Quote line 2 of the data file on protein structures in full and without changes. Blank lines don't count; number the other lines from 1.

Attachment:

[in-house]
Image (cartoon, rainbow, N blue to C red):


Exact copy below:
Image (cartoon, rainbow, N blue to C red):